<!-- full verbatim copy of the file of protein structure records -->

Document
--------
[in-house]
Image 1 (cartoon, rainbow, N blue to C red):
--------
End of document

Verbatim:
[in-house]
Image 1 (cartoon, rainbow, N blue to C red):